The conservatives among the nation's founders wanted a strong central government. But these nationalists, in crafting our constitution, realized that widespread opposition to what contemporaries called "consolidation" existed throughout a new republic born in rebellion against an empire.
So they compromised to create as powerful a government as possible within an anti-statist climate.
At the same time, the sway of slavery in the South influenced the new framework and gave slave states disproportionate sway over its functioning.
This extended beyond the clause allowing slaves to count as three-fifths of white people for representation in Congress and presidential electors.
Each state having two senators also reflected the demand of the slave South for security for its peculiar property. During the decades before the Civil War, the South became increasingly sensitive to criticism of slavery, as well as to any augmentation of federal strength.
The Democratic Party of Andrew Jackson and James Polk, South and North, adopted states' rights and limited government as its dogma in large measure to reassure the slave South.
Slave-master political leaders feared that the stronger the federal government, the greater the potential threat to slavery — either to limit its expansion or to extinguish it.
Even at the 1787 constitutional convention, South Carolina's slaveholding delegates opposed allowing the new government to legislate for "the general interest of the Union."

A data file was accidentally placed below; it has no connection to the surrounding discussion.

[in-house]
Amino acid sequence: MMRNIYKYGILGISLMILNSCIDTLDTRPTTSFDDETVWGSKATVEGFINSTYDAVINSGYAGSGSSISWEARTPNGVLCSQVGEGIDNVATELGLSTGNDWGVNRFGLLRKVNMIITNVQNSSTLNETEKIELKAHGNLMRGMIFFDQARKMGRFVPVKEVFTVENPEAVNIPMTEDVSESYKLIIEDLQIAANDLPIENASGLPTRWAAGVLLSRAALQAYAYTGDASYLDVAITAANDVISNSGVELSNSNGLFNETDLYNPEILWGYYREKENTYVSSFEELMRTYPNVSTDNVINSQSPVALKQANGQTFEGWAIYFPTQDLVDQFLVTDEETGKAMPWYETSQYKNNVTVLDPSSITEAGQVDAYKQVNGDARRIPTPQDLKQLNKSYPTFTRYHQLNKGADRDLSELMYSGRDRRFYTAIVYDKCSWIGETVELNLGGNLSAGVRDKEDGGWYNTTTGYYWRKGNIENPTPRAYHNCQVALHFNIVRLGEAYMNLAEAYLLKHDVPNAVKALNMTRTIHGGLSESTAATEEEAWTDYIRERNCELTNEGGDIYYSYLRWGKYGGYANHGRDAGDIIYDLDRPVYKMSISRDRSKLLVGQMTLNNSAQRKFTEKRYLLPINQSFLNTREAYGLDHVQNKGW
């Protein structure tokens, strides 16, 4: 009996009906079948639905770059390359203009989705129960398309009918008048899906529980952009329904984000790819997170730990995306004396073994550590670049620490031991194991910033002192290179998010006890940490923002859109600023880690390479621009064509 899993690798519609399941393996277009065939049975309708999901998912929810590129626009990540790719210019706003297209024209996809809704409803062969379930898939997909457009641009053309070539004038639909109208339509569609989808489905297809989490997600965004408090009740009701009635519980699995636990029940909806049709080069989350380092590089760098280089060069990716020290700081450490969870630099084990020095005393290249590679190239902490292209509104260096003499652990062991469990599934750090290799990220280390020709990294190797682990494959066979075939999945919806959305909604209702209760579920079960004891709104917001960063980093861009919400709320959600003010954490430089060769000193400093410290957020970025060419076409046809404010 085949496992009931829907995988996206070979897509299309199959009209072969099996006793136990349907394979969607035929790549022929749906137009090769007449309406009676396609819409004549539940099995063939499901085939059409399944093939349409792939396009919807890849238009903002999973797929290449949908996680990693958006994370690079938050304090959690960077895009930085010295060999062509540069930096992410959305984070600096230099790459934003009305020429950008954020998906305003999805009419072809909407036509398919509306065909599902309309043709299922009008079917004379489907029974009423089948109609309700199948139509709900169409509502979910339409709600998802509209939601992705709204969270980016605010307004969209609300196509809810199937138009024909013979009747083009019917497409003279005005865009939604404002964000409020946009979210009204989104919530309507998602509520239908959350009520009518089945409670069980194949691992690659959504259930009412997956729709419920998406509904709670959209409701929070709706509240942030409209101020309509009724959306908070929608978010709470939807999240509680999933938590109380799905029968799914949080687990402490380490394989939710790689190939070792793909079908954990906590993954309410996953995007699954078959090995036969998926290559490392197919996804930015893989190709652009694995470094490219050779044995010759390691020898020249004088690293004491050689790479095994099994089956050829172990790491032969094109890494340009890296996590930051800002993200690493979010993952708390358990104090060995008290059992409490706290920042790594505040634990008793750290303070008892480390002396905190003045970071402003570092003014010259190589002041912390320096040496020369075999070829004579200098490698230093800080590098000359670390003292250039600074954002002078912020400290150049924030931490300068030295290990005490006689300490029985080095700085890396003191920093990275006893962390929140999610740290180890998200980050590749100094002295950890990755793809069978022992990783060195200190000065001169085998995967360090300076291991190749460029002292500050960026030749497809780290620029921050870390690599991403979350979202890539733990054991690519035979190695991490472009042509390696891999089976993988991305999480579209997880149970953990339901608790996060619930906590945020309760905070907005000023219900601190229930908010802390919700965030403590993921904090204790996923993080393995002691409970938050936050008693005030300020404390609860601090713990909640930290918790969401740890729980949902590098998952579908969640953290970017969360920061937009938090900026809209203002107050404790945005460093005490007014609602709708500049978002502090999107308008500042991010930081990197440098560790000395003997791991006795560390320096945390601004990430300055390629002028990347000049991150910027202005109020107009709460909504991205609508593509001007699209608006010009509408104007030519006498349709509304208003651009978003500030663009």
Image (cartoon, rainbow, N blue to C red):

During the decades before the Civil War, the slave South became obsessed with states' rights and stepped up its demands to limit Congress's ability to regulate the spread of slavery. When in the 1850s the new Republican Party emerged determined to limit the further spread of slavery, Civil War resulted.
And now today's political arena resounds with furious calls for states' rights and small government.
This obsessive outcry, located primarily (and ironically) in the Republican Party, recalls the posture of the slavery-dominated antebellum democracy. Though it cuts across regions, anti-government passion emanates mostly from border and Southern states, from which come over 60 percent of the Tea Party congressional caucus.
One effect of the contemporary crusade to limit federal power, if not always the intention among ordinary citizens, is to protect the wealth and power of an array of under-taxed financial and corporate interests and under-regulated industrial polluters.
The Republican Party — often supported by Wall Street and insurance-company Democrats — has become the small government defender of plutocracy and of policies that have made the United States one of the most unequal in income and wealth among the world's developed countries. Our inequality results not from free competition but from rigged rules of the game.
The 21st century's nexus of financial and corporate power differs greatly from the pre-Civil War slave power. But they share a corrosive effect on representative government and the well-being of millions.
A common thread of race surfaces in the current economic decline that has eroded the economic security of the great majority, with people of color, African-Americans and Hispanics, hurt the most.